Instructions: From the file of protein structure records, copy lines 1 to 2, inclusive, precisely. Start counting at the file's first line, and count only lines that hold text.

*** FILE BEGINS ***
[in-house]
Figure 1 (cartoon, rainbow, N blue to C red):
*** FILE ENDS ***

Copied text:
[in-house]
Figure 1 (cartoon, rainbow, N blue to C red):